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House is ready to vote on tax cut

GOP expects bill to pass; fate in Senate is uncertain

WASHINGTON — Trying to build momentum for President Bush's $1.6 trillion tax relief package, Republicans sought a quick House victory Thursday on a bill that would cut income taxes for every American who pays them.

"These across-the-board tax reductions are not the end, but only the beginning, for tax relief and tax fairness," said Rep. J.C. Watts of Oklahoma, the fourth-ranking House Republican.

While most Democrats were opposed, majority Republicans predicted the 10-year, $958 billion income tax cut would pass and move to the Senate, where its fate is less assured and little action is expected until May.

Bush, who has spent much of his young presidency campaigning for tax cuts, said the projected $5.6 trillion budget surplus over the next decade is more than ample to meet government obligations, pay down public debt and still return money to overburdened taxpayers.

"The message is slowly but surely getting out that we've got enough money coming into the Treasury to meet important obligations, but we've also got enough money to remember who paid the bills in the first place, and those are the working folks, the people who paid the taxes," Bush said Wednesday at the Treasury Department.

The White House is also selling the tax cut as a tonic for the ailing economy. Treasury Secretary Paul O'Neill, who gave House Republicans a pep talk Wednesday at a private caucus, said millions of taxpayers would begin seeing less tax withheld from paychecks a few weeks after the president signs the bill into law.

"As we look at the economic statistics, we feel it is important to get money flowing back to the American people as fast as we can," O'Neill said.

The House bill would gradually shrink and compress the current rates of 15 percent, 28 percent, 31 percent, 36 percent and 39.6 percent. In 2006, the new rates would be 10 percent, 15 percent, 25 percent and 33 percent. A temporary 12 percent bracket would be created, retroactive to Jan. 1, 2001, to give all taxpayers an immediate break.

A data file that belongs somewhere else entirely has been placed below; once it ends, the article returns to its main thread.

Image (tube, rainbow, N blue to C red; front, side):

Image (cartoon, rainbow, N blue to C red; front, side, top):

Seeking to augment the administration's contention that lower- and middle-income people benefit most, the Treasury Department released an analysis Thursday showing that the share of income tax relief in Bush's overall plan when fully phased in for taxpayers earning less than $100,000 is greater than their share of federal taxes.

But the same administration analysis also shows that 45 percent of the total tax cuts would go to people earning more than $100,000 a year — including 25 percent for those earning over $200,000.

Most Democrats oppose the tax cut. They contend the Republicans are moving too fast, without a budget blueprint that clearly shows whether enough money is available to cut taxes, meet national spending priorities such as education and defense and guarantee Social Security and Medicare.

"Before we enact a tax cut, the American people deserve to know what the tax cut means for other priorities that are important to them," said Rep. Charles Stenholm, D-Texas.

House Republicans plan to continue moving parts of Bush's overall tax plan in pieces during the coming weeks. Other provisions would address the marriage penalty, double the $500 child tax credit, repeal the estate tax and boost tax breaks for charitable giving.

But the real battle on the entire package is likely to occur in the Senate, where the 50 Republicans have a bare majority over 50 Democrats thanks to Vice President Dick Cheney. Senators of both parties say the overall plan wouldn't pass if the vote were taken now.